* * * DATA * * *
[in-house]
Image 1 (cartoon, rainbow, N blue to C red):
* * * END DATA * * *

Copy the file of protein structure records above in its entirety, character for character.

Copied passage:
[in-house]
Image 1 (cartoon, rainbow, N blue to C red):